“I beg of you,” Greg implored, “don’t make light of my plaints. I’m pouring out my soul to you. You are my last hope. After you, the long night of non-existence.”

“I swear to you, my words were wrung from the depths of empathy for your plight,” the professor chose his words carefully. “Is there nothing to which you look forward, for which you hope, to which you aspire?”

Greg spoke as if from another world. His words hissed out of him, “There is no beauty, no poetry, no aspiration or hope, no break in the boring continuity of existence, no lovely fictions to distract us from our dull repetitious lives.”

The professor countered, “How can that be? You seem to me a poetic soul.”

Greg explained, “Yes, that is my curse. I am the exception that proves the rule. I could be the Shakespeare of my species, another T.S. Eliot or Ezra Pound, an Yves Bonnefoy, and it would matter not an iota. Poetry’s coin is not legal tender in our society. I recite my poems to crowds of thousands, even millions, but they don’t even listen. They look at me dumbly and continue with their copulation and feeding on dung, or whatever the collective mind has decided this moment. I feel loneliest when I’m in such a crowd. It’s unbearable. If only I could have this poetry somehow removed from my brain.”

The professor scribbled notes as fast as he could. He raised the pencil to his lips and tapped the eraser against his lower teeth. When he became aware of what he was doing, he stopped and thought about what he had just heard. He asked, “I suppose it would be too much to expect that your species has doctors who understand the functions and anatomy of your brains, wouldn’t it?”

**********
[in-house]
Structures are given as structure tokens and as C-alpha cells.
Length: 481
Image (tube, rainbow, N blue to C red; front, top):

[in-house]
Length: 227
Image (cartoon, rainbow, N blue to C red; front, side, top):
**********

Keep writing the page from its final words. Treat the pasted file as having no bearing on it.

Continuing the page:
“Unfortunately, we do not,” Greg replied. “We don’t have so many different roles. There are no doctors. We don’t live more than a year or so, although I’ve heard of some of our distant cousins living as much as four or five years. If we get sick, we die and that’s that. End of story.”

The professor said, “It’s 1958. We don’t have the capability to do what you wished yet. We don’t even know where poetry is located in our own brains, let alone in a … forgive me … cockroach’s brain. Who knows when we’ll be able to map out our own brains or understand how they work? It will probably be hit or miss a long time until we finally get it right. A miss might render you speechless, unable to walk, or kill you.”

Greg hissed a long whistle of wonderment. “Why make the effort to stay alive as long as possible when life is so fraught with suffering and pain? It took an eternity before I was born. My life will end before I achieve anything worthwhile. Then I will be dead or non-existent for the rest of eternity. We are barely a blip on the vast radar of eternity. Why bother? Why continue after the fallacy has been uncovered?”

Professor Bartholomew Hartfeld glanced up at the clock on the wall. It was 2:50 pm. “I’m afraid our time for today’s session is up,” he said, not insensitively.

Greg flinched as if waking up from a dream, “Huh, what? Oh … yes,” he recovered his initial presence of mind. “I had forgotten about the fifty-minute hour.”

The professor added, “It seems like we’ve barely scratched the surface. There is much ground to cover.” Then he asked kindly, “Would you like for me to have Marta schedule an appointment for next week?”

Greg hissed ever so softly, “No, I don’t think so.”

“Next week’s session will be … shall we say … ‘gratis’?” the professor offered most generously.